Pressure to open detention centre
The Sydney Morning Herald
December 9, 2008
PRESSURE is mounting on the Federal Government to open the doors to a $400 million detention centre on Christmas Island built by the previous government but never used, as a sixth boatload of suspected asylum seekers makes its way there.
Detainees must be kept separate during initial screening but this is becoming increasingly difficult to achieve in two other small sites on the island.
This presents a political dilemma for the Immigration Minister, Chris Evans, who has said previously that the centre was a Howard government relic “inherited” by the Rudd Government and kept as a contingency measure.
Yesterday Senator Evans said the facility would be used when numbers necessitated it. Departmental and ministerial spokesmen declined to say if the minister had been issued new advice on when to use the centre.
“The new Christmas Island detention centre will be used when numbers of unauthorised boat arrivals require its use,” Senator Evans said.
People are currently held at two sites on the island. A construction camp, originally set up for workers building the new detention centre, could hold up to 246 people, the Department of Immigration said.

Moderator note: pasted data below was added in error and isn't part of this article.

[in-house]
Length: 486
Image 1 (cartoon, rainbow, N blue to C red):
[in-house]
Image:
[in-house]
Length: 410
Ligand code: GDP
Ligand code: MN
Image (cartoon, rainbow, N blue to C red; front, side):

Once health checks are done and intentions to claim asylum are established, detainees are moved to Phosphate Hill for identity and security checks. The older and smaller detention centre there could hold 100 people – or 200 people in a short-term surge, a departmental spokesman said.
The most recent boat found off the coast of Broome on Sunday will bring the total detainee population on the island to 139. Yesterday there were 92 people held there, including four people who had been on the island since December last year. Some of the most recent arrivals had been prosecuted or moved.
Yesterday the Government fended off claims the abolition of temporary visas had emboldened people smugglers. “People smuggling is not determined by domestic policies,” Senator Evans said. “Ongoing conflicts in countries such as Iraq, Afghanistan and Sri Lanka have seen thousands of displaced people seeking refuge in safe countries like Australia.”
The numbers of people seeking asylum are up in all industrialised countries, according to UNHCR's latest statistical report. In the first half of this year, there was a 3 per cent rise in asylum claims lodged in 44 industrialised countries compared with the same period last year. In 2007 new claims rose by 9 per cent compared with 2006.
A 31-year-old Indonesian man, Man Pombili, is in custody after appearing in a Perth court on people smuggling charges. The alleged captain of a boat found off Ashmore Reef last month faces a maximum of 20 years in jail.